Understanding Sensory Processing Disorder: Tactile System

The tactile system, or sense of touch, refers to the information we receive though the receptors in our skin. It alerts us to pain and temperature and helps us discriminate the properties of things we come in contact with, i.e. texture, shape, size, and weight. From very early on in development this sense plays a crucial role in helping us gain awareness of our own bodies and understand everything we come in contact with. Touch is considered one of our most basic senses since body awareness, motor planning, visual perception, and social/emotional development are so dependent on it.

 The Tactile System:

There are general patterns to how different types of touch affect us. Short, light touch, like the tickle of a feather or anSPD Tactile ant crawling on your skin can cause alertness such as a quickened heart rate and an immediate need for response. On the other hand a prolonged, deep pressure, such as a hug, is generally calming and can provide a sense of security. But what happens when a person’s tactile system is over or under responsive to touch? What would happen if an affectionate caress caused irritation or panic, or if objects always seemed to drop from your hands as soon as your attention moved elsewhere? Just imagine how stressful it would be to live in a constant fight or flight state because so many day to day events caused physical discomfort. And how frustrating it must be to learn new skills when you can’t adequately feel the objects you’re using!

Red flags that your child may be experiencing difficulties with tactile processing include:

  • Becoming overly upset about having his hair washed, brushed or cut
  • Having his nails cut, or teeth brushed
  • Avoiding or overreacting to touch from others, particularly when it’s unexpected
  • Showing irritation over tags or particular types of clothing such as jerseys or jeans
  • Isolating themselves from groups or preferring to play alone
  • Over sensitivity to temperature or decreased awareness of extreme temperatures
  • Over or under reactive to pain
  • Frequently dropping objects out of his hands or using inappropriate force on objects such as squeezing his pencil too hard or crumpling his papers
  • Having difficulty with, or being frustrated by, fine motor tasks such as drawing/writing, cutting, zipping, buttoning, tying laces, etc.
  • Being a picky eater or showing a strong preference for specific textures/types of food
  • Anxiety over standing in line or being in crowds
  • Disliking socks and shoes or alternatively, avoiding walking barefoot, especially on textures such as grass or sand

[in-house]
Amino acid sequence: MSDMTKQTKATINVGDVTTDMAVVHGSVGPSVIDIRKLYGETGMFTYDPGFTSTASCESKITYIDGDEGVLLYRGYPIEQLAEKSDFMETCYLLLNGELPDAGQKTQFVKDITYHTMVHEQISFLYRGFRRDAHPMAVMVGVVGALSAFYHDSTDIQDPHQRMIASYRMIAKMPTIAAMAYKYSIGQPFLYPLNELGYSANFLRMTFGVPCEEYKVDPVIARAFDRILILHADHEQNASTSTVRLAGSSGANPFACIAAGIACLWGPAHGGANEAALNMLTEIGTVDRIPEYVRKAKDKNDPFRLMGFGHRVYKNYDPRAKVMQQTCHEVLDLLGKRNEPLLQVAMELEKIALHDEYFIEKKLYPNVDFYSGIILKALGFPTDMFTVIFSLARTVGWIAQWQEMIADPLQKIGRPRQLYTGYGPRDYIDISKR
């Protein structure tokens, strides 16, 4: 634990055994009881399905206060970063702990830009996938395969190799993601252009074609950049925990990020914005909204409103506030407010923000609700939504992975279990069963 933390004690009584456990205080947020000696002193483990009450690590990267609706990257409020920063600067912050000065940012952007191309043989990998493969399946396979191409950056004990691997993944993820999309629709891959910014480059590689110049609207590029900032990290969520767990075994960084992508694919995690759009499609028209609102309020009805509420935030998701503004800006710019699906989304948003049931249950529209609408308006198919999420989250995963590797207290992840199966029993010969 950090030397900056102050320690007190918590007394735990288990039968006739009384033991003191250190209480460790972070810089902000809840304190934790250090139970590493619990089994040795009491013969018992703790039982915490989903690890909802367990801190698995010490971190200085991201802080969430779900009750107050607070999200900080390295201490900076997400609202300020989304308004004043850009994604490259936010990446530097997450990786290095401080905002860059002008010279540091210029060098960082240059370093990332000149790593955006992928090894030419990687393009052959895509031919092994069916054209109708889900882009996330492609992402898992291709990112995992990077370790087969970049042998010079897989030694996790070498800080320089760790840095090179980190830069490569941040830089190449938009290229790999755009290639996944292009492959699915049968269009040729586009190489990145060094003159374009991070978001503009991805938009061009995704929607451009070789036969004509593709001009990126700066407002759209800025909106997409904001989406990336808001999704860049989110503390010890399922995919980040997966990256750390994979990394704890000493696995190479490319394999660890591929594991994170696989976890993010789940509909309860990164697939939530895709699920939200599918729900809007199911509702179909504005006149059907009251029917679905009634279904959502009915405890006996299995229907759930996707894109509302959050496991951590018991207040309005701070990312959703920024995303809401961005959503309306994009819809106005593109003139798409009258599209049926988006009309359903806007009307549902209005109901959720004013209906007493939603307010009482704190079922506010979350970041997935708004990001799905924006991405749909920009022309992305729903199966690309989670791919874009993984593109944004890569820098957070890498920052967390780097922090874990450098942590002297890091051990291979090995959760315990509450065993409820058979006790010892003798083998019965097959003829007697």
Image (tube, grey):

• Seeking out deep pressure rather than light touch
  • Preferring tight clothing rather than loose-fitting garments that may rub on skin
  • Insisting on pants and long sleeves even in hot weather, or very little clothing even in cold weather
  • Avoiding or overreacting to wet or messy textures
  • Not noticing a messy face or hands

A general rule of thumb for these kids is to engage in deep pressure or heavy work activities often, as this is the most organizing and grounding form of touch. If these sound like things your child is struggling with, consult with an occupational therapist to get a clearer profile of his sensory needs. Your OT can help you gain a better understanding of why your child exhibits certain behaviors and create an individualized plan to make him more comfortable in his own skin!

NSPT offers services in BucktownEvanstonHighland ParkLincolnwoodGlenview and Des Plaines. If you have questions or concerns about your child, we would love to help! Give us a call at (877) 486-4140 and speak to one of our Family Child Advocates today!

2 replies
  1. Bjsummers@outlook.com'
    Brenda Allred says:

    My daughter has huge issues with clothing, including shoes and sox. However rather than tight clothing and deep presume she avoids any touch. She prefers clothing loose, shoes too big and untied, ot better yet barefoot. What can help her?

    Reply
    • TimothyM@Nspt4kids.com'
      Shannon Phelan says:

      Although deep pressure is typically considered a calming input, some with tactile defensiveness prefer to avoid the feeling of clothing or pressure on their skin as your daughter does. Sensory preferences are very individualized so an OT who is able to meet with and assess your daughter’s needs can best determine an appropriate course of action and recommendations. In the meantime, frequent opportunities for “heavy work” can be beneficial for your daughter. This can be anything from helping with household chores, to animal walks, to playful roughhousing. Gradually desensitizing by wearing certain materials for increasingly long increments can also help. I recommend that you encourage her to become comfortable using language to describe what she is experiencing. Work on distinguishing different materials and textures as soft, rough, smooth, bumpy, itchy, sticky, etc. There are also several “sensory friendly” clothing brands that use softer materials and minimize tags and seams for those who are sensitive to that input. I hope this helps!

      Reply

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